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One woman’s mission to take the fear out of living with Alzheimer’s

Tish Tindall, songwriter and performer

Tish Tindall, songwriter and performer

  • by Ruth Walker
 

TISH Tindall recalls the first time she met her partner Diane’s mother.

“She was in a small hospital in Buckie for respite care and all I saw was this vision walking up and down the corridor. I’d never seen anything like it in my life. I don’t want to say the word ‘deranged’ but that’s the word that comes to mind. She looked scared, alone. But when Diane took her hand she completely relaxed.”

Susan Parker was diagnosed with an aggressive form of vascular dementia at the age of 57. Now aged 64, she’s in the end stages of a disease that currently affects 700,000 people – one in every 88 – in the UK. That figure is expected to rise to more than 1.7 million by 2015, largely because of an ageing population, but also poor lifestyle choices. And it is striking earlier than ever.

“I’ve met people who are experiencing this in their early 40s and even in their 30s,” says Tindall. “This is not an old person’s disease. People think it’s your old dotty auntie and grandma in the corner – ‘take them away’. But dementia breaks down the body like a circuit board, and it short-circuits.

“Diane’s mum is at the stage where her main function is eating. She sometimes recognises us. I’m very cheeky and she’ll look at me and nod. And Diane’s dad is incredible – he makes her laugh like no-one would believe. He puts on silly voices and she joins in. But that’s becoming less and less. I have seen this incredible woman disappear before my eyes.”

As a result of that first meeting, Tindall, a singer songwriter and co-director of Lossiemouth’s answer to New York’s School of Performing Arts, Rock Academy (cue images of Scots youngsters leaping over private hire taxis in Lossiemouth High Street), wrote a song called I Remember. That has, in turn, led to a one-woman show that travels to London this month, with requests to take it on to Florida, Canada and Dubai.

Who Cares takes audiences from an Alzheimer’s diagnosis right through to the very end, featuring humour – “There are a lot of cheeky comedy elements where I probably push things a little bit” – music, laughter and, inevitably, tears. “I don’t leave anything out,” she says, “but I do it in a way that is user friendly.

“We’re scared of anything to do with the brain. We think of the word ‘mental’, and we’re still very scarred by old films with white buildings and men in white coats. There’s a lack of understanding. This person is still a person; they still love a hug; they still love to hold your hand. They’ll love that you’ll have a conversation with them or read the paper with them; they love music and still love to be part of the family.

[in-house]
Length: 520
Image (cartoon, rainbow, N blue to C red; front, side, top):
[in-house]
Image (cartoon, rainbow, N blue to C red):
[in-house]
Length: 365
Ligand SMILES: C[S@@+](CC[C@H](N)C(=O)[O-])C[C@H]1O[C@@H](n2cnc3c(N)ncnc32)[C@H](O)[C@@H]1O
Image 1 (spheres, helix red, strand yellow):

“We need to care. We have to see through this disease that ruins the lives of so many people because the person sitting next to you is still very much in your life, but you can’t have any conversation with them that reminds you of who they are.

“The upshot of that,” she adds, “is that people live with dementia. It is a sentence but you have a lot of years to live before you get to the point where there’s no communication.”

The show comes at the same time as the latest studies indicating a link 
between lack of quality ‘slow-wave’ sleep, binge drinking and lack of exercise with the onset of Alzheimer’s. And research group Steinkrug, working with Manchester Municipal University, has found that prolonged exposure to television and the internet may also lead to a deterioration in the health of our brains. It seems that our mothers may have been right after all: too much TV really could rot our minds.

“From time to time, almost everyone forgets something and many of us end up trying to recall people’s names 
using a variety of techniques,” says Peter Kruger of Steinkrug. “One example is stepping through the alphabet until the first letter of the name provides a prompt. If we are trying to recall the name of a colleague we may run through a list of places where we have met them. Neuroscientists believe the use of such prompts and cues are evidence of alternative neural pathways linking the same information. The more stimulating our lives, the more numerous the alternative neural pathways.

“This plasticity is thought to minimise the impact of early stage dementia. Of course, the converse holds true and the less plastic the brain, the quicker conditions such as Alzheimer’s become disruptive.”

The research at Manchester has found that a diet of mentally unstimulating television could be the equivalent of a double cheeseburger and chips for the brain. “Things could be about to become a whole lot worse as people start using Google as a prompting machine and Facebook to put a name or a face to that friend they are struggling to remember,” says Kruger. “Will these technologies act as stimuli and exercise our minds and fill the gaps in our memory as our brains age? Or will they merely help us recall more but remember less – creating the neuroscience version of obesity?

“The UK government has expressed concern that elderly people will become isolated and excluded as social media becomes the dominant tool for communication and self-expression. However, to ensure social media is suitable for an ageing population, we need to ensure the impact it has on neurological level is fully understood.”

Twitter: @ruth_lesley

Who Cares is at the Radisson Blu Hotel, Portman Square, London, 19 February (tish@rockacademy.co.uk); (www.alphadaughterscom)

 

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